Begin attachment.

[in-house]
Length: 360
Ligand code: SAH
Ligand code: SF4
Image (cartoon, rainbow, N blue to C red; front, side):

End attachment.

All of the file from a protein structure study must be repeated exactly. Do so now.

[in-house]
Length: 360
Ligand code: SAH
Ligand code: SF4
Image (cartoon, rainbow, N blue to C red; front, side):